Best Books of 2017

It’s officially the most wonderful time of the year: BOOK LIST SEASON. As always, here’s the best of what I read, a full list at the bottom, and *bonus* my favorite book lists currently floating around the internet!

Top 5 of 2017

  • Homegoing, Yaa Gyasi | If I talked to you about books at any point in 2017, I talked about Homegoing. I read it twice this year. I hosted a book club for it. I’ve told 97 people to go buy it. This is THE BEST novel. Tracing one family tree from early 1700s to present day, each chapter is a new person’s story. Not only is the concept of the novel so wonderfully novel, the writing is beautifully done, the characters are real and vibrant, and the story itself is top notch.
  • Hidden FiguresMargot Lee Shetterly | If you somehow missed this film earlier this year, FIX IT. But, like always, the book is so much better than the movie (which is saying something, because this movie is pretty near flawless). Hidden Figures is wonderfully researched and wonderfully written – it’s a historical page turner that brought me to tears a handful of times. The amount of women, especially women of color, who have been left out of history books is astounding – but Shetterly manages to write from an encouraging place of hope.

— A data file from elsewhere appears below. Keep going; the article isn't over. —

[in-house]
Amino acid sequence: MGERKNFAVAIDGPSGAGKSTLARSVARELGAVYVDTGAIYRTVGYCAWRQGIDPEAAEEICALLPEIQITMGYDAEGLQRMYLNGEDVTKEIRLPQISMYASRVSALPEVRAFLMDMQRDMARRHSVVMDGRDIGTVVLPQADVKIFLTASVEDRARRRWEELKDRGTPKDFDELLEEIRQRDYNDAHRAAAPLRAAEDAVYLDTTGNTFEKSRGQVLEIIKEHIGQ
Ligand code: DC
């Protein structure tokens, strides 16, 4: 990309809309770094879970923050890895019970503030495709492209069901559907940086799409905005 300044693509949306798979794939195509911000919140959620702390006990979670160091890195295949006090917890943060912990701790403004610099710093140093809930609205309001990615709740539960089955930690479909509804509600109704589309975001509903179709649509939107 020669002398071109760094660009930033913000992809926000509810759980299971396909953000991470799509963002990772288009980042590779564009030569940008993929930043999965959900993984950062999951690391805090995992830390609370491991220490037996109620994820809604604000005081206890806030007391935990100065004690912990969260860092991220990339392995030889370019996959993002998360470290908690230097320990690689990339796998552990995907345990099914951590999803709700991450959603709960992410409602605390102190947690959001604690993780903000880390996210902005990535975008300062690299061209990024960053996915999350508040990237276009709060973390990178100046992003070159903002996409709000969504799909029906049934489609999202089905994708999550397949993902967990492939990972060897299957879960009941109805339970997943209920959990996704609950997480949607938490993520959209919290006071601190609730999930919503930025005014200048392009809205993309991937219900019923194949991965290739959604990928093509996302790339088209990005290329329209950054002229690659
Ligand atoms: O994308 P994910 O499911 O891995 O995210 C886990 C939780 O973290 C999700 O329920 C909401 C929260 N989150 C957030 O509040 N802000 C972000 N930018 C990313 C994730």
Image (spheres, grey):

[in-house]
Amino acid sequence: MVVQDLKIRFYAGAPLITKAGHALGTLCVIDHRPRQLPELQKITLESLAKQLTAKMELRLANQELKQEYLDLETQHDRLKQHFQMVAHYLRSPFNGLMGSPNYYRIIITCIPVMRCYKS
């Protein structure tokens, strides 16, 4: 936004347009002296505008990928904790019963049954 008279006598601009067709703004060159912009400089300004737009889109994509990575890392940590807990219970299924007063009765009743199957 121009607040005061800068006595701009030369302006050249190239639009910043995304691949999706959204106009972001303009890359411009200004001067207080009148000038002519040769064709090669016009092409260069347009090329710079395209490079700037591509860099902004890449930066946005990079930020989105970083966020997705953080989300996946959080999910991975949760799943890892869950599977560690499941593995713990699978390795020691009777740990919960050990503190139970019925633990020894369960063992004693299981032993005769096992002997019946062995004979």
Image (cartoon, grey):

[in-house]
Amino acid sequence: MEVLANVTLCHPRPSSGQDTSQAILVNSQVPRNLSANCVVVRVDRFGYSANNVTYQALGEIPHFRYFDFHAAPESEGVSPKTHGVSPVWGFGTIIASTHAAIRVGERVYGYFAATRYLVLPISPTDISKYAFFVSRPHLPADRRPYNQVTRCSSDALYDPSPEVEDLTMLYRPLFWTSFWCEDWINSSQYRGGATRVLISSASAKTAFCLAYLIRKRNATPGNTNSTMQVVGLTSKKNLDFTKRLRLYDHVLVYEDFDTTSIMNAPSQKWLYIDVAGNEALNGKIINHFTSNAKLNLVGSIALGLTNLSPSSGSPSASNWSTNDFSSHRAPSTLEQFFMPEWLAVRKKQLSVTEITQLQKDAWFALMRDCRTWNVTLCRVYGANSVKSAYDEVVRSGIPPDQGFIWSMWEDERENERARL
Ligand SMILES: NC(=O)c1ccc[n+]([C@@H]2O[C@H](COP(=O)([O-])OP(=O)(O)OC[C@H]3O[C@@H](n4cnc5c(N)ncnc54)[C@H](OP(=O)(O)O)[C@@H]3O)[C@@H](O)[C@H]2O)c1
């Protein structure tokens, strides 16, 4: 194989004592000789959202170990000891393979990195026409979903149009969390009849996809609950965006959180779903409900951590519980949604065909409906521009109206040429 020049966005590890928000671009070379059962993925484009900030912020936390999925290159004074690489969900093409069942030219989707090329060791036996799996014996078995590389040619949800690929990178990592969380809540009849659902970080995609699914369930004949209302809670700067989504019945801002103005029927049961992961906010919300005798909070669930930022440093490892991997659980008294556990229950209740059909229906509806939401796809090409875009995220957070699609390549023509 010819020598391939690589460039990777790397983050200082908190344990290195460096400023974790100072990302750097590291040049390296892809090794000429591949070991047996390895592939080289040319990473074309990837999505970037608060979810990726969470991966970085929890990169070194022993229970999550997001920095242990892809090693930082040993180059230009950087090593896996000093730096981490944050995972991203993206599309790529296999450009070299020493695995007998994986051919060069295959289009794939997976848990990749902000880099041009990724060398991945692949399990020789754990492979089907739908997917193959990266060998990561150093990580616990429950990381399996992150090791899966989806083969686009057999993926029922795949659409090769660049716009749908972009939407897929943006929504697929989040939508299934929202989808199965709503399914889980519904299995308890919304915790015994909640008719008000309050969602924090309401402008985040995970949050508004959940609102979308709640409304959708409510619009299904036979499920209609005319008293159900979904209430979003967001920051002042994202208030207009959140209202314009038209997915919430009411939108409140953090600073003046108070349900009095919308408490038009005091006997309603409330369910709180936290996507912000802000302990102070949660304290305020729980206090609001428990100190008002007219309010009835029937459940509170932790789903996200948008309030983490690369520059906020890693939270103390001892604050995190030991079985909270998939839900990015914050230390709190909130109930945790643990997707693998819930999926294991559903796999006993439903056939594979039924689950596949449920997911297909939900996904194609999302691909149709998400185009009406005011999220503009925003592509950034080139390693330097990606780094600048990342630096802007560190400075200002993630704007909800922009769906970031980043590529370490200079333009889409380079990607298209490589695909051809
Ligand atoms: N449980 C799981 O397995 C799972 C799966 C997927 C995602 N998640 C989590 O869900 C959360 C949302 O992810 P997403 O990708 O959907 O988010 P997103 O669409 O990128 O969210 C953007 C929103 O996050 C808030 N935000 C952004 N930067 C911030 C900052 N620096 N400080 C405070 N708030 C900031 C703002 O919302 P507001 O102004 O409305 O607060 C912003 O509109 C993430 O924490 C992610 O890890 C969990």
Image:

• The Enneagram: A Christian Perspective, Richard Rohr and Andreas Ebert | I’ve fallen so far deep into the enneagram rabbit hole (because I’m a 5, obviously) – but even if I hadn’t, this book is wonderful. It is DENSE with a capital D and then four more capital letters; it took me quite a while to get through it, but was so worth it. The enneagram itself has taught me so much about myself and those around me – and this book offers so much valuable depth.
  • Spinster: Making a Life of One’s Own, Kate Bolick | This book blew me away. I’ve already said that I fully realize not everyone will love this read as much as I did, but I felt like a book was written for me for the first time in a long time. Mixing in history, mini biographies of females writers and poets, and musings on modern romantic relationships – it even breaks down the history of the word spinster, its legal ramifications, and questions its social consequences as well. What?! I couldn’t put it down.
  • What Happened, Hillary Rodham Clinton | This book was so much more fun to read than I ever expected. To be sure, it was sobering, infuriating, and brought me to tears – but it was also a highly enjoyable experience to get a glimpse behind the curtain into the mind of HRC. I audibly laughed when she talked about her preference of Goldfish crackers. The fact that this woman is not our president still grieves me to no end – but this book is a really honest look at 2016, and a very hopeful look to our future.

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